From Middlesex Street, up north along Sandy’s Row to find:
The Kings Stores – Widegate Street
The Kings Stores is on the corner of Widegate Street and Sandy’s Row.
The current pub dates from 1902, when it was rebuilt as confirmed at the top of the building:
Before the rebuild and name change, there was a pub on the same site, but called the Hoop and Grapes. I suspect the name change was to give the pub a unique name, rather than being one of several Hoop and Grapes in the City, two of which we will be visiting in this journey around City pubs.
I always photograph graffiti and stickers when walking the streets of London. They are off their time and provide a record of different views of world events. There were several on my City walk. This was on a door opposite the Kings Stores.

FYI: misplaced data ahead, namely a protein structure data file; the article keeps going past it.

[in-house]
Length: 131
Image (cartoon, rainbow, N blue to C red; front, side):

Back down Sandy’s Row, then via Middlesex Street, Catherine Wheel Alley and Cock Hill, to:
The Magpie – New Street
The history of the Magpie should be straightforward, but is confused by the pub company’s own references to the pub where they state: “The site of our pub was an ambulance station at the beginning of the 20th Century, but its place in history was secured when one of the first electric ambulances was stationed here in 1909. At night time and Sundays this one vehicle served the entire city”. However, at the top of the pub is the year 1873, and the building does look purpose built as a pub.
Checking newspaper records for the beginning of the 20th century, and there is clearly a pub here. For example in 1902 a report of £1 being collected for charity at the Magpie Hotel, New Street, Bishopsgate, and in 1912 there was an advert for a Housemaid and assistant at the bar of the Magpie, New Street. The 1894 Ordnance Survey map also shows a Public House in the same location as the Magpie.
There was also a pub on the site prior to the year 1873, when I assume the current building was built.